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If u > 0 and v > 0, which is greater

This topic has 2 expert replies and 0 member replies
jjjinapinch Senior | Next Rank: 100 Posts Default Avatar
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Posted:
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If u > 0 and v > 0, which is greater

Post Mon Jul 24, 2017 9:28 am
Elapsed Time: 00:00
  • Lap #[LAPCOUNT] ([LAPTIME])
    If u > 0 and v > 0, which is greater, u^v or v^u?
    (1) u = 1
    (2) v > 2

    Official Guide question
    Answer: C

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    Post Mon Jul 24, 2017 5:07 pm
    Using Statement 1, if u = 1, then

    u^v = 1^v = 1

    and

    v^u = v^1 = v

    So the question "which is greater, u^v or v^u?" becomes "which is greater, 1 or v?" We don't know if v is greater than 1 (we only know that v > 0) so Statement 1 is not sufficient. But when we use both statements, we know v > 2, so v is certainly greater than 1, and the answer is C.

    Statement 2 is not sufficient alone. We just saw above that v^u can be larger, but using only statement 2, it might be that u = 3 and v = 3, say, and then neither of u^v or v^u is larger than the other, so we can get two different answers to the question only using Statement 2. Other sets of values will prove that as well - I think the OG solution uses u = 3 and v = 4.

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    Post Mon Jul 24, 2017 5:27 pm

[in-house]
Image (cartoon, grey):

Hi jjjinapinch,

    This question can be solved by TESTing VALUES.

    We're told that both U and V are POSITIVE (and while that doesn't necessarily mean that they have to be positive integers, we can use integers to get to the correct answer). We're asked whether U^V or V^U is greater. This is the equivalent of a YES/NO question.

    1) U = 1

    IF.....
    V = 1
    then 1^1 and 1^1 are the SAME value, so NEITHER is greater.

    IF....
    V = 2
    then 1^2 = 1 and 2^1 = 2, so V^U is greater.
    Fact 1 is INSUFFICIENT

    2) V > 2

    IF....
    V = 3, U = 1
    then 1^3 = 1 and 3^1 = 3, so V^U is greater.

    IF....
    V = 3, U = 3
    then 3^3 and 3^3 are the SAME value, so NEITHER is greater.
    Fact 1 is INSUFFICIENT

    Combined, we know....
    U = 1 and V > 2
    U^V will always be 1^(something > 2) = 1 and V^U = (something greater than 2)^1 = that same value greater than 2. Thus, V^U will ALWAYS be greater.
    Combined, SUFFICIENT

    Final Answer:
    C

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